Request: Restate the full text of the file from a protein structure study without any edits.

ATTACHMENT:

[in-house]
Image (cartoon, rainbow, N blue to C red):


[in-house]
Image (cartoon, rainbow, N blue to C red):